Comments

  • The Road to 2020 - American Elections

    And usually the real energy comes from them being so annoyed about liberals and leftists. That's the trick that Trump has: it isn't so much about what Trump has done (which isn't much), it's the fact that Trump annoys so much the left. That's what get them to be so happy about Trump. Other Republican candidates don't get leftists so angry.
  • Donald Trump (All General Trump Conversations Here)
    Presidential debate. One of these guys will have the power to destroy the world. We can't be bothered to talk about that, and neither can they.Hippyhead
    In any way, the whole debate was not very presidential.
  • The Road to 2020 - American Elections
    except for the fact that the person who all conservatives are rallying behind is a man who embodies the exact opposite of the things they claim to believe in.Mr Bee
    I don't think that all conservatives rally around a man who embodies the exact opposite of the things they claim to believe in. Just as not every person who sees himself or herself as a liberal was rallying around Bernie.
  • Brexit
    Tourists don't stay, and they also tend to be wealthy, respectful and support local businesses.Tim3003
    And if they would not be so, people would be against them. You can just imagine if the those tourists wouldn't spend a dime, but on the contrary would be begging on the streets. It wouldn't matter if those beggars would just stay a while and be replaced with others. You could briefly notice this during the German unification when the border between the East and West collapsed. The Easterners were naturally interested to see West Germany, but weren't the typical wealthy tourist. They filled the tourist attractions but ate from their own meager lunchboxes and didn't spend as normal tourists for the simple reason as they came from a socialist country. The West German shopkeepers etc. weren't enthusiastic about it. Hence, Mexicans wouldn't tolerate American spring breakers, if those youngsters wouldn't create income. And neither the Spanish wouldn't tolerate northerners on their beaches if it wouldn't support the local economy.

    I see today Boris has marked out our lack of brickies, welders and butchers; and there are calls for the govt to lower the immigration restrictions for these occupations post-Brexit.Tim3003

    Yes and there are approx 120,000 vacancies in the social care sector and about 40,000 nursing vacancies, not to mention all the crops which need harvesting.Punshhh
    Especially the health care sector is the area where the country with higher wages becomes a magnet for health care professionals as they are in a permanent shortage as the population gets older.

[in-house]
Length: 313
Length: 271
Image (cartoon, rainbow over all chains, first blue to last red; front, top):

Also, the simple fact is that in a prosperous society there simply are jobs that people won't take. Especially here where there is a tight social security net and welfare state: you will get perpetual unemployment benefits, the state will pay your rent and hence provide housing. People will start calculating if it's really profitable to work in a crappy job and have less free time, yet have exactly basically same amount of money to spend. Fruit picking is a traditional example of this, as the job is too difficult for low priced robots to do.

    And finally it is a fact that much needed professionals are sought after everywhere. And if I recall correctly, at least in the 1990's if you could show that you invested enough pounds in the UK, you got your permit to immigrate to the UK immediately no matter where you came. Money talks.
  • Brexit


    One British historian, who has written about the history of London, said aptly about how Britons feel about foreigners, which can be generalized to all people: "As long as foreigners are seen to bring money to the community, they are tolerated in Britain".

    And this is true. Nobody hates the vast swarms of tourists as they bring money to the country, as they create jobs for the local population. Yet if the foreigners are seen to compete with the local population for jobs, immediately emerges a resentment against the foreigners which we call xenophobia (or racism, as that is so popular today). And worst of all, if foreigners seem to be literally stealing our wealth, it is likely we call them the occupiers, the enemy, and the young men are up in arms fighting them.